Defense Secretary Donald Rumsfeld gives an interview later Tuesday to the Arabic satellite television channel al-Jazeera. On Monday, White House National Security Advisor Condoleezza Rice went before al-Jazeera cameras. It is all part of an effort by the Bush administration to get its message to an Arabic-language audience in the Middle East.

In interviews with al-Jazeera, Bush administration officials are stressing a common theme: that the United States is fighting terrorism, not Islam or the Arab people.

Condoleezza Rice told an al-Jazeera reporter this is a fight against evil people who willingly take the lives of civilians in terrorist attacks against office buildings or the Pentagon. She said Islam is a peaceful religion that respects human life.

Ms. Rice was also asked about America's role in the Mideast peace process. She outlined existing Bush administration policy, including the belief that a Palestinian state could emerge from a peace agreement if there is also respect for Israel's right to exist.

Before she taped the interview with al-Jazeera, Condoleezza Rice took part in a question and answer session with White House reporters. She was asked why so many top administration officials had agreed to speak to the Arabic satellite television channel. "We do think it is important that we get our message out to Arab publics and we know this is a network that is very popular with Arab publics," she said.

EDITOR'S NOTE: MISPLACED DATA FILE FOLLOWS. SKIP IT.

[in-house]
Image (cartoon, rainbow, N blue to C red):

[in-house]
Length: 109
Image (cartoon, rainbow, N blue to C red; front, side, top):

In recent weeks the White House has been critical of al-Jazeera for running long videotaped statements from suspected terrorist mastermind Osama bin Laden or spokesmen for his al-Qaida organization. But during her interview, Ms. Rice said she would not appear on al-Jazeera if she did not respect it.

Al-Jazeera has a request pending for an interview with President Bush. It is unclear if the White House will agree, or will let other officials continue to speak for the administration.